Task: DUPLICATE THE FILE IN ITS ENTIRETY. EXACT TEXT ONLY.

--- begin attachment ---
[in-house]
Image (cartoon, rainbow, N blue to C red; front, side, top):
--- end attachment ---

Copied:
[in-house]
Image (cartoon, rainbow, N blue to C red; front, side, top):